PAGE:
Make a websocket server to expose the APIs

proposal

#1

From @Anthony https://github.com/mesg-foundation/core/issues/277

Right now the API is using gRPC with some streams and streams cannot be used in a client side directly. gRPC is planning to support that but in few months only https://github.com/grpc/grpc-web.

The idea is to have a websocket API that acts as a proxy on the gRPC API and that let users to access the gRPC api even from a client side application.

With that we could easily create a website that let you deploy your service, test it, even create directly apps based on a website only (and the core running in background)

some ideas for implementation



Reply from @ilgooz

I watched a video earlier about Envoy. They call it a special proxy gateway in between gRPC server and grpc-web. Video gives a general technical view about Envoy. Gotto check out.


#2

I think, we don’t need to have a built-in proxy in Core. Why not just using Envoy as a proxy like recommended in the gRPC Web docs? That way we don’t need to maintain any kind of websocket proxy inside Core. People who wants to access to Core’s gRPC APIs could just use Envoy and I think this option supports bidirectional streams as well.

We can also publish a special Dockerfile for envoy that is configured for Core. Also, we can make mesg-js to be compatible with browsers and that way devs can use this pre-generated gRPC client for coreapi.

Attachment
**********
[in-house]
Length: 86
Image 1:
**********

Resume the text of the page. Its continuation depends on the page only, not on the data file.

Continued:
#3

The best will be to create a system service that contain Envoy :slight_smile:


#4

Clarification about Envoy proxy & supporting websocket

gRPC is originally a TCP based communication protocol. But HTML5 doesn’t give access to creating TCP connections to servers. Because of this limitation, folks at gRPC created an official spec about supporting Web clients trough websocket.

In future, all gRPC servers should both accept TCP and Websocket connections from clients. It’s also possible to access gRPC server from Web by using proxies like Envoy. Envoy is able to proxy Websocket/HTTP based gRPC requests to a gRPC server that only accepts TCP connections.

So, we have two valid options here. For now, we can just use Envoy to support Web clients and in future we can use a simple package to support websocket connections next to TCP connections in the Core. This pkg is very simple to use and doesn’t bring any complexity to our code. I haven’t check the code yet but it’s some kind of a wrapper for net connections to upgrade them to a websocket connection or keep them as TCP connections depending on the request style. But anyway, we can do adopt it any time, no need to rush for this.


#5

Difference between grpc/grpc-web & improbable-eng/grpc-web

They both stands for allowing websocket clients to make gRPC requests to servers/proxies that accepts websocket connections.

They both have the same public APIs but in addition, improbable-eng/grpc-web also supports bidi streams where official one doesn’t. Officials plan to support it in future and their implementation will have the same public APIs with improbable-eng’s version.

Also, improbable-eng provides a plugin to output TS types as well when generating the client code.

So, it’s totally OK to use improbable-eng/grpc-web in favor of having bidi streams and TS types.


#6

Supporting both Server and Browser in mesg-js

Please read first: https://github.com/mesg-foundation/mesg-js/issues/35
That comment on the issue explains how we can provide our gRPC APIs to consumers to consumers by both supporting Browsers and Nodejs.